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Original Research ARTICLE Provisionally accepted The full-text will be published soon. Notify me

Front. Bioeng. Biotechnol. | doi: 10.3389/fbioe.2019.00356

Novel Silk Fibroin Tubular Scaffold for the Repair and Regeneration of Small Caliber Blood Vessels: from Design to In Vivo Pilot Tests

Antonio Alessandrino1,  Anna Chiarini2, Marco Biagiotti1, Ilaria Dal Prà2, 3,  Giulia A. Bassani1, Valentina Vincoli1, Piergiorgio Settembrini4, 5,  Pasquale Pierimarchi6,  Giuliano Freddi1* and  Ubaldo Armato2, 3
  • 1Independent researcher, Italy
  • 2Human Histology and Hembrology Unit, Department of Medicine, School of Medicine and Surgery, University of Verona, Italy
  • 3Human Histology and Hembrology Unit, Department of Medicine, School of Medicine and Surgery, University of Verona, Italy
  • 4Department of Vascular Surgery, San Carlo Borromeo Hospital, Italy
  • 5University of Milan, Italy
  • 6Institute of Traslational Pharmacology (CNR), Italy

Silk fibroin (SF) is an eligible biomaterial for the development of small caliber vascular grafts for substitution, repair, and regeneration of blood vessels. This study presents the properties of a newly designed multi-layered SF tubular scaffold for vascular grafting (SilkGraf). The wall architecture consists of two electrospun layers (inner and outer) and an intermediate textile layer. The latter was designed to confer high mechanical performance and resistance on the device, while electrospun layers allow enhancing its biomimicry properties and host's tissues integration. In vitro cell interaction studies performed with adult Human Coronary Artery Endothelial Cells (HCAECs), Human Aortic Smooth Muscle Cells (HASMCs), and Human Aortic Adventitial Fibroblasts (HAAFs) demonstrated that the electrospun layers favor cell adhesion, survival and growth. Once cultured in vitro on the SF scaffold the three cell types showed an active metabolism (consumption of glucose and glutamine, release of lactate), and proliferation for up to 20 days. HAAF cells grown on SF showed a significantly lower synthesis of type I procollagen than on polystyrene, meaning a lower fibrotic effect of the SF substrate. The cytokine and chemokine expression patterns were investigated to evaluate the cells’ proliferative and pro-inflammatory attitude. Interestingly, no significant amounts of truly pro-inflammatory cytokines were secreted by any of the three cell types which exhibited a clearly proliferative profile. Good hemocompatibility was observed by complement activation, hemolysis, and hematology assays. Finally, the results of an in vivo preliminary pilot trial on minipig and sheep to assess the functional behavior of implanted SF-based vascular graft identified the sheep as the more apt animal model for next medium-to-long term preclinical trials.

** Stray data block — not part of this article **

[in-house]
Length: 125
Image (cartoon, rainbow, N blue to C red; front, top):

Keywords: silk fibroin, small caliber vascular graft, Morphological structure, mechanical performance, In vitro biocompatibility, in vivo pilot test

Received: 30 Jul 2019; Accepted: 08 Nov 2019.

Copyright: © 2019 Alessandrino, Chiarini, Biagiotti, Dal Prà, Bassani, Vincoli, Settembrini, Pierimarchi, Freddi and Armato. This is an open-access article distributed under the terms of the Creative Commons Attribution License (CC BY). The use, distribution or reproduction in other forums is permitted, provided the original author(s) and the copyright owner(s) are credited and that the original publication in this journal is cited, in accordance with accepted academic practice. No use, distribution or reproduction is permitted which does not comply with these terms.

* Correspondence: Dr. Giuliano Freddi, Independent researcher, Lomazzo, Italy, giuliano@silkbiomaterials.com